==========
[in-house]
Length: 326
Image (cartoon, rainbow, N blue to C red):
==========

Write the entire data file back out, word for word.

[in-house]
Length: 326
Image (cartoon, rainbow, N blue to C red):